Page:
The SFMTA’s proposal to widen the Folsom Street bike lane with a buffer zone and remove a general traffic lane drew significant turnout at a community meeting in SoMa yesterday evening. The project, set to be installed by the end of the year, seems to have strong support from residents and livable streets advocates as a short-term measure to make Folsom safer.
Angelica Cabande, executive director of the South of Market Community Action Network, helped bring its members out to the meeting. The organization hasn’t taken a stance on the project yet, but she said the neighborhood has a dire need to make streets safer for families and elderly residents to walk on.
“A lot of cars, after they exit the freeway, they’re flying through Seventh Street,” said Cabande, who noted the danger is especially apparent outside Bessie Carmichael Elementary, located at Seventh and Folsom. “The school had put a crossing guard there, but a lot of drivers are not adhering to them. If anything, they actually cuss at the crossing guard and yell at families and honk at them to hurry up so they can make that turn right away.”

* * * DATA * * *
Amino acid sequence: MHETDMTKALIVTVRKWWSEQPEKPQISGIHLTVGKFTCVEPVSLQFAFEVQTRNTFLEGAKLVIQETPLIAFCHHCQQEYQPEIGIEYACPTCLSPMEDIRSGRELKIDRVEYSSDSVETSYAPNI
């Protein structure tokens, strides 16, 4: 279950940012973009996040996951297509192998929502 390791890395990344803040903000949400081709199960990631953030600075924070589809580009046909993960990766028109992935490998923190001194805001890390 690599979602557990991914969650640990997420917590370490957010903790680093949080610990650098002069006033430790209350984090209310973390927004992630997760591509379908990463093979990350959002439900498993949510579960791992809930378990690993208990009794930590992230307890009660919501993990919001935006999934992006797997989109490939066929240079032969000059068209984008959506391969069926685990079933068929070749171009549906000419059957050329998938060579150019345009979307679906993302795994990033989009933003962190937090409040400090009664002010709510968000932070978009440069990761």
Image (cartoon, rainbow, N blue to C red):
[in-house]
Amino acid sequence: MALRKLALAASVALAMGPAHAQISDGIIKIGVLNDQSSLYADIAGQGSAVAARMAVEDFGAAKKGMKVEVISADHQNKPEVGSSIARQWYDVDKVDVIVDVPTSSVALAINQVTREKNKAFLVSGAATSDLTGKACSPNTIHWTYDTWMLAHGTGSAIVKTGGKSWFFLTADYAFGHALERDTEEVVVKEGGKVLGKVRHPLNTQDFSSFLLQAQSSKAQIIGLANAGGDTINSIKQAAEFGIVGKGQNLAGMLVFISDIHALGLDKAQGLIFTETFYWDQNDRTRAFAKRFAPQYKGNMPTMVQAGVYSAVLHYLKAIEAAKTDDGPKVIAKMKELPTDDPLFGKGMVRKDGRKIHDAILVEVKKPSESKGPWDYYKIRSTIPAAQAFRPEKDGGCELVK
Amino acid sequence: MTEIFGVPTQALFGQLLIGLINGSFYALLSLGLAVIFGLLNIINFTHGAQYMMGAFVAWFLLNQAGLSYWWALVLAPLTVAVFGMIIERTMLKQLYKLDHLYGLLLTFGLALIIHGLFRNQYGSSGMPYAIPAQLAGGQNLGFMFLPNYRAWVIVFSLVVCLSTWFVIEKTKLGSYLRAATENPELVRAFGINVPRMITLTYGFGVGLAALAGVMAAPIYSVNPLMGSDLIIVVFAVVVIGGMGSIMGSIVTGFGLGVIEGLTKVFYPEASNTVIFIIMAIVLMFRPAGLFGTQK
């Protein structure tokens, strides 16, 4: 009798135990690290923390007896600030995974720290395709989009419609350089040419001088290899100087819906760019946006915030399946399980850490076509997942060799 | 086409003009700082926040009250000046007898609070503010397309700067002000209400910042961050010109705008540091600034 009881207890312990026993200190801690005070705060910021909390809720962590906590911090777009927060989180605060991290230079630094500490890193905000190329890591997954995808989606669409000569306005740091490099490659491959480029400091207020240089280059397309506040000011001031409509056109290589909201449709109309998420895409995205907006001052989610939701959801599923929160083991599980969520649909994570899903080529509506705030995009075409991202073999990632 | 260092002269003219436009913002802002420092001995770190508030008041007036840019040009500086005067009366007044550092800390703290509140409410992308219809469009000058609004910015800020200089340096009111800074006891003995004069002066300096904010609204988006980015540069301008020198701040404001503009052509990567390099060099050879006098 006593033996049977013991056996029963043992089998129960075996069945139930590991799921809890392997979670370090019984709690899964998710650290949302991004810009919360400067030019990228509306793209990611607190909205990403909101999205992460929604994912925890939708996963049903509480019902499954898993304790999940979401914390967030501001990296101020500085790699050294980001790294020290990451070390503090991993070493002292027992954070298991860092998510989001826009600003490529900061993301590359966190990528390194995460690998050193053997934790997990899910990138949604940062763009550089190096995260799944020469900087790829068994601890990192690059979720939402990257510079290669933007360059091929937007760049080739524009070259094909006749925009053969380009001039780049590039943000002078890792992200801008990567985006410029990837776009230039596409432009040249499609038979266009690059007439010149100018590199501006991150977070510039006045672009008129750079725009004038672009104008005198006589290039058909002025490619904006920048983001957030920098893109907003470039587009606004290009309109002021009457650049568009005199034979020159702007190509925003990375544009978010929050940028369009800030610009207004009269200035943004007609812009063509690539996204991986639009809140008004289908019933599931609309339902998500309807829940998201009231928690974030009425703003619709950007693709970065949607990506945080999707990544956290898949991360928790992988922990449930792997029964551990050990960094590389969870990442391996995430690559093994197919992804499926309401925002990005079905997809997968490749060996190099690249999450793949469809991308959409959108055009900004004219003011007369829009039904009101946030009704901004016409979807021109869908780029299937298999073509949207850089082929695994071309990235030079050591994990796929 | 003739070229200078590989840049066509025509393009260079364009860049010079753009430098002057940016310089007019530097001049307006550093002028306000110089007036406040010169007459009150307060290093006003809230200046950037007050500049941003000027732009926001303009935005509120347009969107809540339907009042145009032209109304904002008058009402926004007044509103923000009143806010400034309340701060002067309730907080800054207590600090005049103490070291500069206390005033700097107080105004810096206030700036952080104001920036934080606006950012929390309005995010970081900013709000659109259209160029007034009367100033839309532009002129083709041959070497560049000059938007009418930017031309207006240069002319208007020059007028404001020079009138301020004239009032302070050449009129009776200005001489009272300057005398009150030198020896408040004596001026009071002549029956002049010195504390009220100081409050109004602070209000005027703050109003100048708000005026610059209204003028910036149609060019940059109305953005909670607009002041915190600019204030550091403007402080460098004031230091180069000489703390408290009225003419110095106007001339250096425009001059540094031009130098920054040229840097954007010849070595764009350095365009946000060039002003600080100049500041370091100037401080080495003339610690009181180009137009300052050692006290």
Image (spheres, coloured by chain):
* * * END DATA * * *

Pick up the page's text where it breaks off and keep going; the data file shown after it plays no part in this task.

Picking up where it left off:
The SFMTA announced the pilot project on October 1 as a way to expedite safety improvements after 24-year-old Amelie Le Moullac was killed on her bike by a truck driver who police determined made an illegal right turn at Folsom and Sixth Streets. The city has also proposed redesigning the one-way SoMa stretch of Folsom for two-way traffic with a parking-protected, two-way bikeway, but that plan may not be built for several years.
“We’re really pleased to see that the city acted quickly, though unfortunately, ideas of reforming Folsom Street have been in the works for more than a decade,” said SF Bicycle Coalition Communications Director Kristin Smith.